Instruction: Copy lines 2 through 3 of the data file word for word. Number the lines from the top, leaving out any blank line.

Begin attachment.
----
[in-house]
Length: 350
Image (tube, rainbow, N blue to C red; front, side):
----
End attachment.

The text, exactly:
Length: 350
Image (tube, rainbow, N blue to C red; front, side):